Sunday, August 17, 2008

Making scents of the gene pool

Is this your man?

Here's an interesting theory on how we choose our mates, and how birth control pills may be messing with our offspring's chances of survival. Well, obviously, if we don't have children at all based on the use of BCPs, this is a moot point. Assuming, however, that we choose the father of our future kids during a phase in our life when we're not quite ready to make them, here's the scoop.

Scientists believe there are advantages to dipping into a gene pool far different from our own when constructing the DNA of the next generation. Not only will this strategy decrease the likelihood of passing along two copies of a gene mutation for an inherited disorder, research suggests that the children produced from a thoroughly mixed-up match of chromosomes will also be resistant to a wider range of diseases. Those genes in charge of the composition of a person's immune system are called the major histocompatibility complex (MHC), and MHC heterozygosity (meaning mom's MHC contribution is quite a bit different than dad's) gives the kids a survival advantage in future battles against a wider array of disease-causing pathogens.

Interestingly, MHC is a major determinant of body odor in mice and men and women too. The olfactory neurons of mice in charge of odor recognition respond to fragments of MHC molecules even when these peptide pieces are present in extremely small quantities. Many rodent studies confirm that mice prefer nonself MHC-types as mates.

So what's this got to do with BCPs? A 1997 study found that all male subjects and those female participants not taking contraceptives preferred the smell of used T-shirts from persons with MHCs different than their own. The more the subject liked a T-shirt's odor, the less similar their MHC profile to that of the T-shirt's owner. No such correlation was found between Pill-users and their favorite unwashed T-shirt smells.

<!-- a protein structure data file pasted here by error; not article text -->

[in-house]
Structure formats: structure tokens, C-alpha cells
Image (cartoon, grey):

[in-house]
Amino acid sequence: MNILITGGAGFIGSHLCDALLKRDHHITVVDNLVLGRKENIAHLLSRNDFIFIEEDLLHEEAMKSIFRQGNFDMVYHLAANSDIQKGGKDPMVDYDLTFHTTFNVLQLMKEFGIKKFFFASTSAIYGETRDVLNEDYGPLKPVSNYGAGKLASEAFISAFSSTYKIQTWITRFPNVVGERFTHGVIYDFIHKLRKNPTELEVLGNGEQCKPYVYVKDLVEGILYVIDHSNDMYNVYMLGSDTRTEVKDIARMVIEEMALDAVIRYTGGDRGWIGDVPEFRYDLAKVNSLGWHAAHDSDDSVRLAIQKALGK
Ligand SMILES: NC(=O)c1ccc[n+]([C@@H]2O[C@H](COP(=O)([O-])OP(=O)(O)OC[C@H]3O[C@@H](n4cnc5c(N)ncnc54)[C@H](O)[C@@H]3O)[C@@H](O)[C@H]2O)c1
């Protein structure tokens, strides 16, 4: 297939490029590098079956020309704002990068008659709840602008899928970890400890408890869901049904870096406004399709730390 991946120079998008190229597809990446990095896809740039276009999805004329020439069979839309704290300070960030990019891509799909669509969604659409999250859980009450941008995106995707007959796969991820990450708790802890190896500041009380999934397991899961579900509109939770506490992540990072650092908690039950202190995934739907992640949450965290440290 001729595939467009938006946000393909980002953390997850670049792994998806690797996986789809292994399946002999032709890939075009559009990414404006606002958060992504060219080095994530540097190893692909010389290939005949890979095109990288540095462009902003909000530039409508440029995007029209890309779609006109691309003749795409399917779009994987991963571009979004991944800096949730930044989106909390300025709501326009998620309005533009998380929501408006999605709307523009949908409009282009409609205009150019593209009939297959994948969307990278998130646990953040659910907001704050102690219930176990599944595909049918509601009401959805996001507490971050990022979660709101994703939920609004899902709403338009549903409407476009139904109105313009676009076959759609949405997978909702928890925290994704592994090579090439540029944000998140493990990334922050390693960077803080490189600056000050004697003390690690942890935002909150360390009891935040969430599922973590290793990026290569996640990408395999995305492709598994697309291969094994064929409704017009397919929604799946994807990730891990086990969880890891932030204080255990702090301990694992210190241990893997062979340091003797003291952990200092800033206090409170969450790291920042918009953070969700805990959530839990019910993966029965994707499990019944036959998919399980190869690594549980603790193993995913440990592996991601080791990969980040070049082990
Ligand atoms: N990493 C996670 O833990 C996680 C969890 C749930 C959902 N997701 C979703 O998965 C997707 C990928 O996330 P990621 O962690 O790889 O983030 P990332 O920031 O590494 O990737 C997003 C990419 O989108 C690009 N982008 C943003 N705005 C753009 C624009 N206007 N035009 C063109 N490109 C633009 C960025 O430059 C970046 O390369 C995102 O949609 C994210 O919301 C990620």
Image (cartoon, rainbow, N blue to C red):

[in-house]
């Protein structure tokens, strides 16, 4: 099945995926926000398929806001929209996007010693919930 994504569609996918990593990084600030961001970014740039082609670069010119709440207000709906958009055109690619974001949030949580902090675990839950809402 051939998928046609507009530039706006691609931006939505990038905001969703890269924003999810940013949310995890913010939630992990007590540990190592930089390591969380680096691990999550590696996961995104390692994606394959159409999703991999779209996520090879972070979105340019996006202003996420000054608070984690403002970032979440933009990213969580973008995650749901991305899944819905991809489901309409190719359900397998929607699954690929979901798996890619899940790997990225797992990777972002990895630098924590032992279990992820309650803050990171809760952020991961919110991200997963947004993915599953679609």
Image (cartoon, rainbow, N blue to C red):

So if you want to party hearty with respect to producing hardy children with top-notch immune systems, sniff out potential mates in a Pill-free mode before you mate.


JeanMac said...

Congrats on the award.

Reality Man said...

I am always pleased to point out nuances of the English language to you. You almost certainly mean "party hearty," not "party hardy." Word.

femail doc said...

Word play bro' (or bro'sup per Mike). Hardy children come from hardy partying. Too subtle?

Reality Man said...

In that case, I insist upon "if you want to party 'hardy'."

kenju said...

LOL....not subtle at all.

I had a conversation similar to this this weekend. Darned if blogger women aren't smart!!

Cilicious said...

That's interesting to think about in terms of my past history. I changed from pill to diaphragm shortly after I met my then-boyfriend-now-husband.

Dr. Smak said...

I'm not sure which journals you read, but they don't appear to be the same ones I do.

Mauigirl said...

Very interesting...brings new meaning to the saying, "opposites attract."